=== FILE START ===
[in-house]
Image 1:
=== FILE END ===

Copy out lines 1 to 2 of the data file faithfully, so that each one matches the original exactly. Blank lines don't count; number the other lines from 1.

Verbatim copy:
[in-house]
Image 1: